The Lesson I Want People to Learn from this is Nobody Should Ever Look Down on Someone
Bukky Omoruku’s journey towards achieving recognition for her Nigerian nursing credentials is a story of hardship and isolation, but also of resilience. She knows the terror of trying to do everything alone. She knows the value of seeking support at those critical moments, and she has felt the overwhelming relief of coming out on the other side of her challenges.
“The first two years were stressful,” she remembers. Bukky was in an abusive relationship when she arrived in Canada, and then she became pregnant. Although she experienced complications throughout her pregnancy, eventually Ethan was born.
Bukky’s situation quickly became untenable and she left her husband. She recalls her thought process at the time: “I have a baby, I’m going through this bad relationship that I just got out of. It wasn’t my choice to get out at the time, but I don’t have a regret that I left, because they were going to apprehend my son if I didn’t leave. They gave me a choice, but that wasn’t a choice for me – either you stay and we take your child from you, or you leave and we take you to the shelter.”
“You are starting your life all over in a country you don’t know. You don’t know the culture, you don’t have family, you don’t have friends […] It’s like you’re in the wilderness, all by yourself.”
“I was in the shelter for three months. When I was in the shelter, I went to Manitoba Start,” Bukky recalls. She was referred to the Recognition Counts program at SEED, as well as the Bridging Program for Internationally Educated Nurses (BPIEN) at Red River College, and was accepted into both programs.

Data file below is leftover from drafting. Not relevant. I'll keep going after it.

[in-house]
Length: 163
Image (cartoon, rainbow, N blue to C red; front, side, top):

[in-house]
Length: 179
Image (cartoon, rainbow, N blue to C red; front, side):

I know a bunch of people out there who have the potential to do well. They just need the support
Bukky received a loan of $2,600 through the Recognition Counts program, which covered the cost of her books, professional clothing, the purchase of a computer and association fees. Eighteen months later, Bukky wrote her BPIEN exam and passed with flying colours.
She found out she passed on her birthday and “it was the best birthday gift I ever had.” She received her first paycheque after four days of work, and it was more than she received in a month on EIA. She took that first paycheque and framed it: “I actually didn’t want to cash the cheque. I wanted to put the cheque in a frame and when I get up in the morning I could be looking at it – but I have to cash it, it’s still money. I photocopied the pay slip and put it in a frame in my bedroom. I look at it every morning.”
“The person who I was in Nigeria carried me through this hardship here […] The lesson I want people to learn from this is nobody should ever look down on someone. I know a bunch of people out there who have the potential to do well. They just need the support.”
“I was able to move on, and that’s it, I’m happy now. I’m a registered nurse and I’m not only going to stay as a registered nurse. Last week I was at University of Manitoba because I want to get my BA and if possible, I would love to be a nurse practitioner.”
“I am going to try my best. I don’t know what the future holds, but I am going to try.”